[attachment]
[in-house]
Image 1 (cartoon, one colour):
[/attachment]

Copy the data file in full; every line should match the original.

[in-house]
Image 1 (cartoon, one colour):